Food for Better Mood

A healthy diet has a significant impact on our mood and brain. Fuelling our brains with essential nutrients allows us to have more energy and feel good mentally. The pandemic and lockdown have made it challenging to constantly be in a good mood, and for some it has been a real struggle. This is why it is so important to make your health a top priority.

The happy brain chemicals

Before I talk about which foods to eat, I want to mention some important brain chemicals that have an effect on your mental health. An imbalance in certain neurotransmitters can trigger mental health problems. Serotonin deficiency is the most common. Low levels of serotonin have been linked to depression. Here below I mention the happy brain chemicals.

Dopamine is what motivates and drives us. It is known as the reward chemical. It also controls our emotion, cognition and behaviour. It is associated with reward and pleasure. Try to concentrate on the things that matter the most to you.

Oxytocin is known as the love or cuddle hormone. It is released when you are in close contact with another person. Spend time with the people that you love and be present for those who need it the most. Oxytocin is what allows you to develop strong, special bonds.

Serotonin is linked to our happiness, well being and sleep. It regulates our sleep cycle, digestion and mood balance. Make sure you are getting plenty of good quality sleep. Try to go to bed and wake up at the same time every day. Listen to music, dance more, do yoga, meditate and practice mindfulness.

Endorphin triggers a happy feeling in the body. This chemical diminishes the perception of pain and creates a sense of euphoria. Regular exercise will release endorphins. Laughing is also good so try to watch more comedies and surround yourself with people that make you feel good.

Foods to enhance your mood

B Vitamins – There is no one food that can cure depression but B vitamins have been linked in fighting anxiety and depression. Some foods rich in B vitamins: Eggs, meats, plant based foods like whole grains, nuts and green leafy vegetables.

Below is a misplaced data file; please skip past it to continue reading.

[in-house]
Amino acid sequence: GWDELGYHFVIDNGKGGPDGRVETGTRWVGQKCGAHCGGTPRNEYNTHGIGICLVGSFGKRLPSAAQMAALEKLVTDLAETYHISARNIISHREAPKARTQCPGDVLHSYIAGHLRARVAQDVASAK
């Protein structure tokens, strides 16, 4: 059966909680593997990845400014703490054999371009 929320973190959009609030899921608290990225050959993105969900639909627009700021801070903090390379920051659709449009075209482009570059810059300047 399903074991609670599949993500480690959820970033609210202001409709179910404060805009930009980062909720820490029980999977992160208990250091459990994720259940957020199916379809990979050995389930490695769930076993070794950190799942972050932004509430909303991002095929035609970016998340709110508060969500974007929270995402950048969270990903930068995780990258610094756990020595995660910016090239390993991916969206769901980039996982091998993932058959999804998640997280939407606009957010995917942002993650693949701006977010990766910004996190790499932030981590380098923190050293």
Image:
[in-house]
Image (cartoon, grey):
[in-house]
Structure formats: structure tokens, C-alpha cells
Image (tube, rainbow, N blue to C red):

Tryptophan is an amino acid that is necessary to make serotonin. Foods that contain tryptophan: wild salmon, eggs, poultry, tofu, nuts and seeds, baked potato with the skin, avocado, bananas, lentils, kidney beans, chickpeas, rolled oats and tahini.

Omega – 3 – Essential fatty acids deficiency has been linked to depression and Alzheimer’s. Make omega-3s an essential part of your diet. If you don’t get enough essential fatty acids from your diet, I recommend taking an omega-3 supplement. Foods rich in omega-3: Oily fish like wild salmon, sardines, anchovies and mackerel. walnuts, almonds, seeds like flaxseed, chia and hemp. Avocado, olive oil and wheatgerm.

Carbohydrates are needed for energy. Lack of glucose in your blood will result in feeling tired and weak. Good sources of complex carbohydrates include whole grains like brown rice, wholemeal breads and sweet potatoes.

Water is essential in keeping our bodies hydrated. Dehydration can have a negative impact on the brain. It can lead to low mood, poor concentration, headaches and irritability.

Blood sugar imbalance

Eating regularly during the day is important in keeping energy levels and mood stable. Try to have regular meals through out the day. Do not go for long periods without food. Make sure you are eating every 4 hours. Eating breakfast is also important to balance blood sugar levels.

Include good quality protein with every meal such as fish, organic turkey or chicken, beans, lentils and tofu. Protein takes longer to digest and will keep you going for longer through out the day.

If going for snacks between meals go for nuts and seeds with fruits or hummus with raw carrots and celery.

Herbs that are good: Basil, corriander, cinnamon, ginger, peppermint, chamomile, lemon balm and majoram.

Foods that have a negative effect on mood

I don’t expect you to never have these foods. Moderation is key. As long as you are aware that consuming large amounts of these foods can affect your mood, especially if you are not eating a nutritious diet.

Alcohol is a depressant so drink in moderation. I know that with lockdown reaching for a glass of wine seems like a good idea, but too much can actually cause depression. Balance is key.

Sugar just like alcohol can have a negative impact on brain health. Avoid eating too many sweets, cakes and refined carbohydrates like white bread, white flour and white pasta.

Caffeine. Don’t worry I am not going to take your coffee away. I would suggest not having more than 2 coffees a day.

Additives, preservatives, colourIngs, flavourings, artificial sweeteners and hydrogenated fats all alter mood.

I hope you have found the above useful. I would like to mention that for serious depression, food alone will not be enough. If you are experiencing serious depression you need to contact your GP. If you have any questions please do get in touch.

Published by daniatrapani

I believe in teaching, educating and making people aware of their health, diet and lifestyle choices. I encourage my clients to understand the importance of a healthy diet as well as a balanced lifestyle in order to achieve optimum results. Each of my clients is treated as an individual and I combine a mixture of nutrition and naturopathy to create a tailored health programme.

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